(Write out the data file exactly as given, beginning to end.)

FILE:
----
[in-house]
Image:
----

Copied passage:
[in-house]
Image: